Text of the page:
Dempster is reportedly comfortable with the Yankees with pitching coach Larry Rothschild and former Cubs general manager Jim Hendry on staff in the Bronx. But are the Yankees willing to give up the level of prospect (or prospects) that team president Theo Epstein is seeking? For a pitcher who's never played in the American League, the Yankees might not be.

    It appears that the competition for Dempster is between the Yankees and Texas Rangers now, as the Dodgers have pulled out of talks with the Cubs, according to Yahoo Sports' Tim Brown. Presumably, the Dodgers couldn't come up with a prospect that the Cubs wanted. Certainly no one the caliber of Randall Delgado, the pitcher the Braves offered for Dempster last week. 

    UPDATE (4 p.m. ET): ESPN's Buster Olney has reported that the Texas Rangers have acquired Dempster.

Yankees Pursuing Ryan Dempster Before Deadline?

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    Posted: Tuesday, July 31 at 10:30 a.m. ET

    New York Yankees general manager Brian Cashman is either trying to manage expectations or throw media off the scent of potential trades.  The Journal News' Chad Jennings quotes Cashman as saying the Yankees will "do nothing, most likely." 

    Does anyone really believe that?

    According to CSN Chicago's David Kaplan, the Yankees are among three teams making a run at Ryan Dempster in the hours leading up to Tuesday's trade deadline.

    Also in the derby are the Los Angeles Dodgers (Dempster's preferred destination) and the Texas Rangers. Apparently, the Yankees and Rangers have stepped up their efforts to make a deal in the past 48 hours.

    However, Kaplan later tweeted that the Yankees are "not as motivated" to get Dempster as the Dodgers or Rangers. That would make sense, as the Yankees don't have as glaring a need for a starting pitcher. They already have a No. 1 starter in CC Sabathia. Hiroki Kuroda and Andy Pettitte (when he returns) give the Yankees a strong top three.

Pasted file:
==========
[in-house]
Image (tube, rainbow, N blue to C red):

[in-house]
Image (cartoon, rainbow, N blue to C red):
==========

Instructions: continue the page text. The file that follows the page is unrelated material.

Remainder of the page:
Kaplan also reports that Dempster would approve a trade to either of the three teams and not veto a deal, as he did last week with the Atlanta Braves

    The reported interest in Dempster is curious, as the Yankees seemed to initially feel that he might not be suited for pitching in the American League, especially against AL East competition. That perception has obviously changed, perhaps because Dempster is one of the few starting pitching options still available and would cost less than teammate Matt Garza.

    The guess here, however, is that Dempster ends up with the Dodgers or Rangers by the trade deadline. As Kaplan said, the Yankees aren't as motivated to make a deal. They have starting pitching depth that other playoff contenders are lacking. 

    UPDATE: CBS Sports' Jon Heyman tweeted that "there's no evidence" of talk between the Yankees and Cubs for Dempster. So at this point, it comes down to who you choose to believe. 

Yankees Looking at Defensive Third Basemen While A-Rod is Out

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    Posted: Tuesday, July 24 at 10:00 a.m. ET

    Alex Rodriguez is out for four to seven weeks with a broken hand, but the New York Yankees have in-house replacements in Eric Chavez, Jayson Nix, Ramiro Pena and Eduardo Nunez. 

    However, the Yankees are reportedly seeking more help for the position, especially anyone who can provide a good glove. 

    According to CBS Sports' Jon Heyman, the Yankees are casting a wide search for available third baseman or shortstops. Heyman lists as many as 10 names, including the San Diego Padres' Chase Headley. But given what the Padres will want in return, Headley is viewed as a longshot. 

    Heyman tweeted that the Yankees asked the Seattle Mariners about Brendan Ryan, currently one of baseball's best defensive shortstops. (Fangraphs' UZR rates him as the best in baseball.) But the M's turned down whatever offer the Yankees may have made. Or they just said he wasn't available.